Corporate goal 3: Promote integrity and accountability
Promote integrity and accountability
Providing leadership to the APS on integrity
[Source of criteria: APSC Corporate Plan 2016–17, page 16.]
Measure: Support the Integrity Agencies Group to ensure that integrity is embedded in the conduct and values of employees. This includes identifying gaps in existing arrangements for dealing with integrity risks.
Result: The Integrity Agencies Group met twice during 2016–17, with support provided by the APSC. Topics discussed included fraud against the Commonwealth, problems and irregularities in government procurement practices, and testing of employees using an insider threat tool.
Measure: Publish practical tools to help managers identify and deal with behaviours that could pose risks to integrity by March 2017.
Result: In November 2016 the Commission published Managing Integrity Risks in the Workplace: a Toolkit.
Measure: Establish a dedicated online presence on the APSC’s website, providing easy access to relevant information and promoting the value of acting with integrity.
Result: The Integrity in the APS webpage is a separate area on the Commission’s website. It provides links to relevant legislation and integrity standards such as the APS Values and Code of Conduct. It also offers a mechanism for APS employees and others to ask questions on the APS Values and Code of Conduct, with de-identified questions and answers posted on the webpage.
Performance analysis—corporate goal 3
The Commission published Managing Integrity Risks in the Workplace: a Toolkit in November 2016. The toolkit is designed to help APS managers identify and deal with workplace behaviours that could pose integrity risks. It does not focus on misconduct; rather, it takes a broad view of integrity and how this quality is fostered in a workplace. It recognises that risks to integrity often come from accidental or thoughtless actions or are the result of inexperience or inadequate policies. The toolkit is a web-based publication that provides tools and resources, information sheets and case studies. It was designed to complement current integrity publications by other agencies.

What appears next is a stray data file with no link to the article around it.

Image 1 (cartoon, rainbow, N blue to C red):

In November 2016 the Commission consulted with APS agencies and employees as part of a review of our guidance on use of social media and making public comments. Among other things, this review involved the publication of a discussion paper and creation of a dedicated webpage to support consultation with APS agencies and employees. Submissions were received from 15 agencies and 123 employees. In response to the review, revised guidance will be issued in 2017–18. This will include advice targeted directly at the responsibilities of employees and a policy template for agencies.
The Integrity webpage provides answers to employees’ questions as well as links to useful information and guidance material. It is also used to publish short articles on matters relating to public service ethics—for example, conflict of interest, reporting misconduct, applying for jobs in the APS, disclosing information, and reasonable personal use of work IT.
The Ethics Advisory Service received 339 contacts during 2016–17. Numbers were slightly down on the previous year for all categories of query except those concerning management of information. Queries in this area increased from 18 in 2015–16 to 28 in 2016–17. This could be a result of some significant privacy breaches in previous years that raised awareness of data security and privacy in relation to Commonwealth record keeping.